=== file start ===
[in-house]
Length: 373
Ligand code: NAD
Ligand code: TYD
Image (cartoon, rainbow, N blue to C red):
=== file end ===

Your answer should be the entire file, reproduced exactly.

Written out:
[in-house]
Length: 373
Ligand code: NAD
Ligand code: TYD
Image (cartoon, rainbow, N blue to C red):